Venezuela's state oil company says it's seizing control of controlling stakes ExxonMobil and ConocoPhillips have in oil projects in the South American country. That's after Irving-based ExxonMobil and Houston-based ConocoPhillips refused to sign deals by today's deadline to either agree to terms with Venezuelan President Hugo Chavez for minority stakes in state-run joint ventures—or give up on pumping Venezuelan heavy crude oil. Petroleos de Venezuela says the companies were alone among six major oil firms operating in the lucrative Orinoco River Basin not to reach deals. It says deals were reached with the other four--California-based Chevron, Britain's BP, France's Total and Norway's Statoil. ConocoPhillips is the third-largest U.S. oil company. Its Venezuelan projects account for about four percent of the company's daily global oil and gas production. Venezuelan oil minister Rafael Ramirez has said ConocoPhillips would be expelled from the country--if it continues to resist.
Nearly 13,000 teachers in the Houston Independent School District are getting a pay raise, with the school board's unanimous approval Monday afternoon of a $1.5 billion general fund budget for the district. The average pay raise is 5.7 percent, ranging from three percent to 12.7 percent. The budget also includes funding for 20 more police officers and $7.2 million for fine arts programs. Last year, HISD teachers received an average pay raise of 8.6 percent, and this year's raise means average teacher pay has increased 56 percent over nine years. Bus drivers, food service workers, custodians and other personnel will get a three per cent raise. Principals will see an average 4.3 percent increase, and school clerks, secretaries, aides and data workers will see an ave3rage 6.3 percent raise. Most central office staff will get a three percent raise.
Houston-based Encysive Pharmaceuticals says it is laying off most of its staff, following a decision by federal regulators to further delay approval of its blood pressure drug. Some 150 jobs are affected, or about 70 percent of its work force. The CEO has left the company, and Encysive's former COO has been promoted. The U.S. Food and Drug Administration on June 15th for the third time refused to approve Encysive's drug Thelin. The drug has been approved for use in Canada, Australia and Europe, but U.S. regulators are questioning statistical data related to one part of the clinical trial.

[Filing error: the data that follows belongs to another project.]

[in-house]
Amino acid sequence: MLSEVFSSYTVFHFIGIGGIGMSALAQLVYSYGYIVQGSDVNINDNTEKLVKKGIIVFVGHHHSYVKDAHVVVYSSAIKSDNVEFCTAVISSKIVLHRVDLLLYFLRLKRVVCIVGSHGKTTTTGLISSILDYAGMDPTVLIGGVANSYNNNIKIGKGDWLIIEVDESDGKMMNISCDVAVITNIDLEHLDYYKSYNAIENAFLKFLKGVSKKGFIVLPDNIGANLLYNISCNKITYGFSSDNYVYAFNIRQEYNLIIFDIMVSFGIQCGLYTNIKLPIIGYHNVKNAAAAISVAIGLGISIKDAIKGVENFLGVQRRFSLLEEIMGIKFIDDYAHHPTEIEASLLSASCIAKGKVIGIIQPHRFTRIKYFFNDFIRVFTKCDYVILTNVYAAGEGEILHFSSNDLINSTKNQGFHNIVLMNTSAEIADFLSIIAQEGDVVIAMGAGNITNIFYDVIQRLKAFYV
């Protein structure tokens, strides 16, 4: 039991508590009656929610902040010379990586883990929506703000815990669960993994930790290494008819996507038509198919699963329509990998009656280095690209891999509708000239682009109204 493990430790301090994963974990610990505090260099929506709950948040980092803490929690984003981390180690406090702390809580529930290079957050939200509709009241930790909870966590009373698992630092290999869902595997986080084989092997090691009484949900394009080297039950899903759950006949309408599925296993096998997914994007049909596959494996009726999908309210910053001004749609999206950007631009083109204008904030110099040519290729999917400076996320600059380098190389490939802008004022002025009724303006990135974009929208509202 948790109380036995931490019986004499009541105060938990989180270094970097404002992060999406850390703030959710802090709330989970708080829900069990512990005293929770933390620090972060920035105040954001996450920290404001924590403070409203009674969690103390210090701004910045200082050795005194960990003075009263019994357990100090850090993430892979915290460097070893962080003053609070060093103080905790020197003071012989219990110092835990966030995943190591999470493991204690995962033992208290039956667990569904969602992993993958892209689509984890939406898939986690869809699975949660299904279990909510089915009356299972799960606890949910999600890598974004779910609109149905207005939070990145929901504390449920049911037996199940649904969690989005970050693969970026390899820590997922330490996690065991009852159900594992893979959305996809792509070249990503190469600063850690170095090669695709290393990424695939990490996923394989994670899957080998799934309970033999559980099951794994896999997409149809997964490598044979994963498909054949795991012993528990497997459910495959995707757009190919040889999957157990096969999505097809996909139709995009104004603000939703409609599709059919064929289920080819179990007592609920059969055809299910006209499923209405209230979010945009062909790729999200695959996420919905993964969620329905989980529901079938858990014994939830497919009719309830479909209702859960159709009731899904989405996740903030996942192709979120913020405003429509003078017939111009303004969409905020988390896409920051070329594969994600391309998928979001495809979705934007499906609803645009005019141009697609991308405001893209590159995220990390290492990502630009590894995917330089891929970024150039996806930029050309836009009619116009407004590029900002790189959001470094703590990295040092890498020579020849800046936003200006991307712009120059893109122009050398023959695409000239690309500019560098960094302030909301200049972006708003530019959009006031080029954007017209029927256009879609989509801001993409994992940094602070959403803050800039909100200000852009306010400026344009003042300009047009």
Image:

A state study finds that 82 public pensions across Texas have unfunded liabilities totaling $23 billion. State Attorney General Greg Abbott released the study's report on Monday. Pension liabilities are the amounts that plan owes to retirees. Among the most serious is in the Judicial Retirement System of Texas. It has a liability of more than $5 million per active member. The Teacher Retirement System of Texas has a total unfunded liability of more that $13 billion--but lawmakers this year approved a measure to increase the state's contribution in the hope of making the fund more sound. Abbott tells the Texas Pension Review Board that an overhaul of pension oversight is needed--including more public transparency and curbing conflicts of interest on pension boards. Board Chairman Frederick Rowe says the recommendations would be used as a blueprint for improving oversight. Other unfunded liabilities include: the El Paso Firemen's Pension Fund, which has a liability of more than $200,000 per member; the Dallas Police and Fire and Pension System and the University Park Firemen's Relief and Retirement Fund. Each has a liability of $155,000 per member.
Salt Lake City-based chemical company Huntsman is being purchased by Netherlands-based Basell in a $9.6 billion deal. Huntsman has its administrative headquarters in The Woodlands. The merger creates one of the largest chemical companies in the world. Basell is owned by Access Industries based in the United States. Huntsman is part of the testing group behind the new wind technology testing center being built in Ingleside, Texas.
The Port of Houston Authority commission has approved a contract increase of almost $500,000 to redesign a third berth planned at the new Bayport container terminal, to accommodate larger-than-expected ships. Bayport's lead tenant, French firm CMA CGM, is bringing vessels of almost 1,000 feet in length, meaning the third berth must be larger than first planned. Additional dredging and moorings will also be needed.
A House panel is hearing concerns about the Securities and Exchange Commission. All five members are testifying about accusations they may be tilting toward business interests and away from investors. House Financial Services Committee Chairman Barney Frank of Massachusetts says he's not criticizing the agency but wants to provide a forum for concerns to be expressed. One issue expected to come up is the SEC Commissioners' recent vote siding with investors in a significant securities lawsuit pending in the Supreme Court. The Bush administration overrode the SEC by declining to side with investors in lawsuits against third parties that collude with companies engaging in fraudulent conduct. The hearing marks first time in more than a decade that all five members of the commission testified together.